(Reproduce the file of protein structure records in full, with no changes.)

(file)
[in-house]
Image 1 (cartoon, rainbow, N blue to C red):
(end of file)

[in-house]
Image 1 (cartoon, rainbow, N blue to C red):